Primary production land tax exemption win

April 13, 2016 | Industry News
Property Council of Australia

In a win for the property industry, the OSR’s restrictive approach on the availability of the primary production land tax exemption has been called into line. In Metricon Qld Pty Limited v Chief Commissioner of State Revenue (No. 2) the Supreme Court upheld a property developer’s claim that its land bank was exempt from the tax.

The availability of the primary production land tax exemption has been eroded over time as the Office of State Revenue (OSR) and the courts effectively shifted the test for claiming land tax exemptions from one of ‘dominant use’ to ‘intended economic return’

On 1 July 2015, Revenue Ruling No. LT 097 was issued which reiterated the stance that economic and financial significance of competing uses were to be taken into account in determining ‘dominant use’.

In Metricon a property developer held land at Terranora in the Tweed Valley and had sought various approvals for the urban development of the land. No actual construction or earthworks had occurred. The land was being used by professional cattle producers under an agistment agreement.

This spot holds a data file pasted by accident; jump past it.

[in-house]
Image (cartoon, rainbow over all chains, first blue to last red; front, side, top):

The Court found that the holding of the land by the developer as part of its stock-in trade was not a ‘use of land’. While it was found that the land was ‘used’ for commercial land development this was not sufficient to displace primary production as the dominant use. Merely engaging consultants to prepare reports for the purposes of obtaining approvals (without physical use of the land) did not jeopardise the availability of the primary production land tax exemption.

The Property Council has long advocated for a ruling to be issued which sets clear and fair parameters for when the primary production land tax exemption applies.

The trigger for removal of the exemption should be the discontinuance of primary production activities and commencement of substantial development works – recognising the difference between major earth or civil works and preparatory works such as construction of an access road or survey work.

It is encouraging to see the Metricon case supports this approach.

[Written and published by Property Council of Australia]

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